Mark Gatiss (SherlockDoctor WhoAn Adventure in Space and TimeThe League of Gentlemen)

Mark Gatiss (Sherlock, Doctor Who, An Adventure in Space and Time, The League of Gentlemen)
Anthony Harvey / Getty Images and Scott Bryan / BuzzFeed

Wednesday, May 4, 2016

Has the library outlived its usefulness in the age of Internet? You’d be surprised by Donald A. Barclay

April 28, 2016 6.09am EDT
U.S. institutions of higher education and U.S. local governments are under extraordinary pressure to cut costs and eliminate from institutional or governmental ledgers any expenses whose absence would cause little or no pain.
In this political climate, academic and public libraries may be in danger. The existence of vast amounts of information – a lot of it free – on the Internet might suggest that the library has outlived its usefulness.
But has it? The numbers tell a very different story.
In spite of the findings of a survey in which Americans say they are using public libraries less, the usage numbers reported by libraries indicate the opposite. Read more...
Libraries are no longer cold, forbidding spaces. Howard County Library System FollowCC BY-NC-ND

Tuesday, April 26, 2016

3 Children’s Books That Encourage Kindness Towards Others

Kindness is one of the most important character traits, but sometimes kids need an extra reminder about the best ways to be kind to others or why kindness matters. These books provide that reminder in creative and appealing ways. Happy reading!

1. We All Sing With The Same Voice by J. Philip Miller and Sheppard M. Greene

We All Sing With The Same Voice by J. Philip Miller and Sheppard M. Greene
What It’s About: This is a song book that connects kids around the world. The verses highlight differences between kids, illustrated on the pages of the book. The chorus brings all of these kids with many differences together, singing “We all sing with the same voice. The same song. The same voice. We all sing with the same voice and we sing in harmony.”
Why It’s Important: Not only will the music engage kids as young as three, but it also encourages global awareness and connection at a young age. Everyone is different and unique, and this book celebrates those differences while singing together as friends.  Read more...

Thursday, April 21, 2016

Beyond books: Eight things you may not know about libraries

As people become more reliant on devices and less likely to crack open a paperback, libraries have been forced to adapt.
Most modern libraries offer e-book and e-magazines, plus movies on DVD and other digital items. But did you know that many also provide such services as free Wi-Fi, used bookstores, and even unique items borrowing.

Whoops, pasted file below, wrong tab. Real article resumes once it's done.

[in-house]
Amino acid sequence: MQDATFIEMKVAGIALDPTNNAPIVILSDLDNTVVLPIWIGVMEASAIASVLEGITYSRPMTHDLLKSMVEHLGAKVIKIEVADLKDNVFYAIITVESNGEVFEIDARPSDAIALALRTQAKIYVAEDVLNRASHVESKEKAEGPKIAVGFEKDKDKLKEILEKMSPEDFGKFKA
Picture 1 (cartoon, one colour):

Coming off of National Library Week, here's a look at eight things you might not know about your local library:
Not into paperbacks? Your local library is aware. According to the American Library Association, 90% of libraries now offer e-books for your device, and 39% lend e-readers to library patrons.


Wednesday, April 6, 2016

Beverly Cleary on turning 100: Kids today ‘don’t have the freedom’ I had by Nora Krug

Beverly Cleary doesn’t really want to talk about turning 100. “Go ahead and fuss,” she says of the big day, April 12. “Everyone else is.”
Across the country, people are delving into Cleary nostalgia, with celebrationsand new editions of her books with introductions by the likes of Amy Poehler and Judy Blume. Kids and adults are being asked to “Drop Everything and Read” to commemorate Cleary’s contribution to children’s literature.
But the beloved children’s author has something far more low-key in mind for herself: a celebratory slice of carrot cake, she says, “because I like it.”
Cleary is as feisty and direct as her famously spirited character Ramona Quimby — an observation that she hears often and doesn’t care for. “I thought like Ramona,” she says in a phone interview, “but I was a very well-
behaved little girl.”

Tuesday, April 5, 2016

8 Librarians Who Lend Out More Than Books by Michele Debszak

Libraries would be nothing without the librarians who run them. Most of us know them as the people who check out our books or help us navigate the Dewey Decimal System, but not all librarians are limited to working with the printed word. Whether they’re lending out ties or larger-than-life puppets, these are the heroic men and women behind some of the world’s most unique library collections.


Libraries offer tremendous resources to people searching for employment, but that could all be for nothing without a proper interview outfit to wear. In Queens, New York, library members can check out a tie with interview tips and tie-tying instructions printed inside the box it comes in. Queens librarian Lauren Comito launched the “tie-brary” as one of her many initiatives dedicated to providing services to the borough’s homeless population. After, a website that directs users to career services and other resources in the area, she realized that some of her patrons didn’t own a tie or even know they should be wearing one to interviews. She met this need by building the racks to hold a library of ties herself. read more...